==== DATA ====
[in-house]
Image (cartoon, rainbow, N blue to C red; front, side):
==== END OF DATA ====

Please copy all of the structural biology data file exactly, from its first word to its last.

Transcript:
[in-house]
Image (cartoon, rainbow, N blue to C red; front, side):